Tourism generates more revenue in the United States than in any other nation. In 2014, it contributed more than $1.4 trillion to this country’s GDP.
    This isn’t your grandfather’s brand of tourism, the kind that back in the day meant a trip to the likes of Miami Beach, Las Vegas or Disneyland. Today in the U.S. almost any community can be a tourist destination. Americans are curious about their country and eager to get on the road to experience it in all of its manifestations.
    Communities that aren’t making an effort to attract visitors are missing an opportunity to grow their economies in ways that benefit all of their residents.
    Which is why a lot of head scratching is going on over a news story in last week’s Ozaukee Press reporting that  the Village of Belgium is considering abolishing its hotel room tax.
    When a representative of the Belgium Chamber of Commerce appeared before the village’s Finance and Personnel Committee to discuss plans to promote tourism, the committee chairman poured cold water on the Chamber’s initiative by casting doubt on the funding source.
    “I don’t think keeping a (room) tax in place is a good idea,” Andrew Ohlson said. “If it wasn’t there, would we go to the hotel and tax them for tourism? No.”
    Village President Vickie Boehnlein was of a like mind. She questioned the tax because it applies to only one business in Belgium, the Rodeway Inn, the village’s sole lodging establishment.
     Belgium officials seem to have a misconception of the room tax option provided by state law. They talk of it as though it is a punitive assessment that is an onerous requirement for lodging businesses. The reality is that the room tax is a boon that works to the advantage of these businesses while also benefiting the communities in which they are located.
    Room taxes, of course, are not paid by hotels (or motels or bed and breakfast places). They are paid by the establishments’ customers. The taxes added to lodging bills across the country are so common they are taken for granted by travelers.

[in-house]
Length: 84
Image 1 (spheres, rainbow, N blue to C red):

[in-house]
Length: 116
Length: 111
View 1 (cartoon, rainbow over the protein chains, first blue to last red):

Room taxes directly benefit hotels and other tourism businesses. Under Wisconsin’s well-crafted law, the taxes are capped at 8% and starting next year a minimum of 70% of the revenue they produce for the municipality has to be spent to promote tourism—which generates more customers for the businesses that apply the taxes.
    The ultimate beneficiaries of the room tax are the residents of the communities that collect the taxes. The tourism promoted by this tax revenue strengthens local economies, attracts new businesses, creates jobs and supports stores and restaurants that are enjoyed by residents as much as by visitors.
    The City of Port Washington is a case in point. This year the Port Washington Tourism Council will spend $163,000 for tourism promotion, most of it for advertising the city’s offerings around the Midwest region. All of the money comes from the city room tax. Room tax revenues also fund grants made by the Tourism Council to support events and projects that contribute to the tourism economy.           
    The results speak to the program’s success: In 2015, based on state Department of Tourism estimates, visitors contributed $14.5 million to the Port Washington economy. Without these tourism dollars, Port Washington residents would not have the vibrant downtown they now enjoy as another benefit of room-tax funded tourism promotion.
    This is just part of the visitor surge in Ozaukee County. According to the Department of Tourism, direct spending by visitors in Ozaukee County totalled $92.5 million in 2015, a 3% increase over 2014. More than 2,000 people were employed in the tourism industry in the county last year.
    Tourism in Wisconsin is an express train carrying communities to a future of growth—in economic activity, tax bases and diversity of features enjoyed by residents and visitors alike. If Belgium officials don’t adjust their attitudes about promoting their community, that train is going to speed past the village without stopping.
    Sitting next to I-43 a scant mile from Harrington Beach State Park and astride the Ozaukee Interurban Trail and offering the unique features of the Luxembourg American Cultural Center and a European-themed residential and commercial development, Belgium is well positioned to develop its own tourism economy.
    The Village Board should encourage the Chamber of Commerce in its plans to get the word out about what Belgium has to offer. The best way to do that is to keep the room tax in place and direct that all of the revenue it generates be used for promotion. With that, Belgium will someday likely have more than one hotel to collect the room tax.